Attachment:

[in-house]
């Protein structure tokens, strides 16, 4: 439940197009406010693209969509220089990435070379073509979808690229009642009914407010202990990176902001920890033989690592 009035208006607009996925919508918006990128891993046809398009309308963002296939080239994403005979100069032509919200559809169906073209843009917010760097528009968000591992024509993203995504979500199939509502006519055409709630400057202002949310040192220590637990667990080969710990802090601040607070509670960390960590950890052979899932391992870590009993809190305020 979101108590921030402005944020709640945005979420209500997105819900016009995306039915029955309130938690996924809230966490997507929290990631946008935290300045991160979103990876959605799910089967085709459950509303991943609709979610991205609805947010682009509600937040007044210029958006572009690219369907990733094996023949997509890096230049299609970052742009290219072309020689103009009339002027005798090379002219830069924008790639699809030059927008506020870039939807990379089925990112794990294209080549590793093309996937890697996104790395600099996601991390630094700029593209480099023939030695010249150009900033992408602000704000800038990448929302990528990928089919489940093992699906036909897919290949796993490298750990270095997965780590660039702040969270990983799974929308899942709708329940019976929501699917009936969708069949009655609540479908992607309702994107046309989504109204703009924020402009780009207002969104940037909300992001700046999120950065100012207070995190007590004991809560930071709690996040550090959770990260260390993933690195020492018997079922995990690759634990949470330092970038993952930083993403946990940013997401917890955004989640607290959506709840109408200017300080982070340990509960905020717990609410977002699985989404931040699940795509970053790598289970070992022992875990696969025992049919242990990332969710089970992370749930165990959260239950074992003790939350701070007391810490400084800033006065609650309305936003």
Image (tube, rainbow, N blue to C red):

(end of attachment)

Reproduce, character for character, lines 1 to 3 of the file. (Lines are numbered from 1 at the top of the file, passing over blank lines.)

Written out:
[in-house]
């Protein structure tokens, strides 16, 4: 439940197009406010693209969509220089990435070379073509979808690229009642009914407010202990990176902001920890033989690592 009035208006607009996925919508918006990128891993046809398009309308963002296939080239994403005979100069032509919200559809169906073209843009917010760097528009968000591992024509993203995504979500199939509502006519055409709630400057202002949310040192220590637990667990080969710990802090601040607070509670960390960590950890052979899932391992870590009993809190305020 979101108590921030402005944020709640945005979420209500997105819900016009995306039915029955309130938690996924809230966490997507929290990631946008935290300045991160979103990876959605799910089967085709459950509303991943609709979610991205609805947010682009509600937040007044210029958006572009690219369907990733094996023949997509890096230049299609970052742009290219072309020689103009009339002027005798090379002219830069924008790639699809030059927008506020870039939807990379089925990112794990294209080549590793093309996937890697996104790395600099996601991390630094700029593209480099023939030695010249150009900033992408602000704000800038990448929302990528990928089919489940093992699906036909897919290949796993490298750990270095997965780590660039702040969270990983799974929308899942709708329940019976929501699917009936969708069949009655609540479908992607309702994107046309989504109204703009924020402009780009207002969104940037909300992001700046999120950065100012207070995190007590004991809560930071709690996040550090959770990260260390993933690195020492018997079922995990690759634990949470330092970038993952930083993403946990940013997401917890955004989640607290959506709840109408200017300080982070340990509960905020717990609410977002699985989404931040699940795509970053790598289970070992022992875990696969025992049919242990990332969710089970992370749930165990959260239950074992003790939350701070007391810490400084800033006065609650309305936003």
Image (tube, rainbow, N blue to C red):